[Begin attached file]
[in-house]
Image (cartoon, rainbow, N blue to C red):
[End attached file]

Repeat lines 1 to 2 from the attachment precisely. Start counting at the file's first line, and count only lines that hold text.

[in-house]
Image (cartoon, rainbow, N blue to C red):